The Fawcett Society appears torn between supporting gender identity and sex based rights. UK women deserve better, writes Jo Bartosch.
Valentine’s Day is often a make or break point for relationships, and today the UK’s leading women’s rights group is facing a tough choice about who to dump. For the past few years the Fawcett Society have been at the centre of an unhappy love triangle, tugged between those who believe ‘woman’ is an identity and others who view ‘woman’ as a sex. Waiting on the doormat for Fawcett Society CEO Sam Smethers this morning were a slew of Valentine’s Day cards from feminists who feel the charity have been cheating on them with their ‘transwoman inclusive’ stance.
As well as sending cards some took to Twitter to make their point, with tweets including: “Roses are red, Female’s a sex Fawcett won’t say this, So now it’s my ex” and “Roses are red, Fawcett can’t define women. That’s not fighting patriarchy, Not even beginning.”
The action was sparked by Maya Forstater though it has been supported by feminists across the UK. The tax researcher was recently at the centre of a legal case after she lost her job at Centre for Global Development for stating in her blog that people cannot change sex. As a longstanding advocate for the rights of women and girls Forstater explained why she took action:
“The Fawcett Society is the UK’s leading feminist charity. I feel let down by them. They haven’t stood up for women in the debate about sex and gender identity. They’ve called for open and constructive debate on the difficult issues but they haven’t done anything to make that happen. Individual women who were brave enough to speak up have paid the price. When I saw them advertising valentine’s cards I tweeted that I would send them one to say they’ve broken our hearts.”
Fawcett Society CEO Sam Smethers has begun to take small steps toward defending those who have fallen foul of the woke stasi. This week saw Labour Party leadership candidates and senior members signing the ‘Labour Campaign for Trans Rights.’ Included in a list of twelve demands was a pledge to ‘Support the expulsion from the Labour Party of those who express bigoted, transphobic views.’ This would include supporters of the feminist campaign group Women’s Place UK (WPUK), which is referred to in the document as a ‘hate group.’ WPUK was founded in 2017 to call on the government to consult more widely about how changes to the Gender Recognition Act would impact on women. In a statement online Smethers said:
Trans people are targeted with violence, abuse and threats and so are women who speak out about the need to defend women only spaces and sex-based rights. Women’s fear of male violence is real and justified. For reasons of women’s privacy, dignity and safety the need for single sex spaces remains. But trans people’s human rights must also be recognised and their needs must also be met. Characterising Women’s Place UK in this way misrepresents them and is fundamentally unhelpful. It is time to move this agenda forward.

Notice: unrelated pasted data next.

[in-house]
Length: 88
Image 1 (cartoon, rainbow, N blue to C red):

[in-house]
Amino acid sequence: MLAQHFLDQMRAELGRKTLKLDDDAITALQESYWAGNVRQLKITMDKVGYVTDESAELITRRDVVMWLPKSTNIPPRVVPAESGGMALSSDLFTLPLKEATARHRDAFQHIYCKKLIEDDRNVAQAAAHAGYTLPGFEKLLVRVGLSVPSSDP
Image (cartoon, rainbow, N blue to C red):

This somewhat incoherent fudge mirrors the Fawcett Society response to the Gender Recognition Act consultation. In a Q&A released in 2018 the charity lent broad support to reform of Gender Recognition Act, which would allow for people to ‘self-identify’ their sex. The same document states ‘patriarchy has been built on sex discrimination and the sexual exploitation of women’ and argues that the single sex provisions in the Equality Act should be strengthened. It seems Fawcett simultaneously believe ‘trans women are women’ but that women deserve access to single sex spaces and support, which is obviously impossible if either sex can identify as a woman.
The Fawcett Society’s most recent comment comes too late for the women like Maya Forstater, forced out of their jobs for wrong think, too late for the academics scared to speak, too late for women in prisons and on hospital wards forced to share with men who identify as women. It is also too late for the young women, most of them lesbian, who have taken testosterone and undergone mastectomies in the belief that they were ‘born in the wrong body.’
By equivocating and simultaneously being ‘inclusive of trans women’ whilst claiming to advocate for women as a sex, Fawcett Society have made themselves attractive to funding bodies and widened their appeal. Notably the income of the Fawcett Society has risen sharply during the five year leadership of Sam Smethers, from 387k in 2015 to £1.3M in 2019. It seems the price of acceptance into the institution is selling out the sisterhood.
In a parallel to the consciousness raising of earlier generations, grassroots feminists are becoming ‘radicalised’ online, increasingly angered by the silencing and smearing tactics of aggressive transgender activists. Sam Smethers would do well to remember the rallying cry of Millicent Fawcett, the woman in whose honour the Fawcett Society is named: ‘courage calls to courage everywhere and its voice cannot be denied.’ Fawcett needs to speak up a little louder if it is to stay relevant to the women of today.